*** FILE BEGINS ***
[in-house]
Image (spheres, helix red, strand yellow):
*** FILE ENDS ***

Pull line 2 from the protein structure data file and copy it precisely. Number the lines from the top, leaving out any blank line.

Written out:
Image (spheres, helix red, strand yellow):